nerc.ac.uk

Chemical climatology: a case study for ozone

Malley, Christopher S.; Mills, Gina; Braban, Christine F.; Heal, Mathew R.. 2014 Chemical climatology: a case study for ozone. [Poster] In: 13th International Global Atmospheric Chemistry Science Conference, Natal, Brazil, 22-26 Sept 2014. (Unpublished)

Before downloading, please read NORA policies.
[img]
Preview
Text
N508677PO.pdf

Download (1MB) | Preview

Abstract/Summary

In 1872 Scottish chemist Robert Angus Smith established the basis of ‘chemical climatology’ explicitly designed to assess the human health impact of the ‘man-made climates’ in cities. Since then usage of chemical climatology has been sporadic. However with large volumes of atmospheric composition datasets available from campaign measurements, monitoring and modelling, as well as pollutant impact studies, an updated framework based on Angus Smith’s principles would be useful as a resource for both scientists and policy makers. Through analogy with the use of the term climate in other areas (e.g. meteorological or political) a modern chemical climatology framework is described, highlighting impact-focused principles. To derive the chemical climatology the impact of atmospheric composition is first identified (e.g. damage to human health) The impact is linked to the state of atmospheric composition in time and space (e.g. ozone concentrations in the UK 1990 -2010). Finally the drivers of the state are assessed (e.g. emissions, chemical background, chemical precursors, meteorology). Two chemical climates are presented: O3-human health and ozone-vegetation. The chemical climates are derived from measurements at the two UK European Monitoring and Evaluation Programme (EMEP) monitoring ‘supersites’: Auchencorth Moss and Harwell. The impacts of O3 on human health and on vegetation are assessed using the SOMO35 and AOT40 metrics respectively. Drivers of significant spatial variation in these impacts across the UK, and temporal changes at Harwell between 1990 and 2011 are discussed, as well as the relative importance of hemispheric, regional and local O3 chemical processing and its precursors. The individual site assessments are placed in regional context through the statistical evaluation of O3 variation across Europe. The chemical climatology framework allows integration of individual scientific studies focussing on specific processes within the impact-state and driver space into a synthesised and more general understanding. This approach provides opportunities for developing understanding of multiple impacts are considered for each chemical component allow identification of common drivers of impacts, and potentially holistically considered mitigation strategies.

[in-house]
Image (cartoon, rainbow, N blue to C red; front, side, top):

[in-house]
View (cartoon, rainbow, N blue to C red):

Item Type: Publication - Conference Item (Poster)
CEH Sections: Dise
Emmett
NORA Subject Terms: Meteorology and Climatology
Atmospheric Sciences
Date made live: 24 Oct 2014 09:28 +0 (UTC)
URI: http://nora.nerc.ac.uk/id/eprint/508677

Actions (login required)

View Item View Item

Document Downloads

Downloads for past 30 days

Downloads per month over past year

More statistics for this item...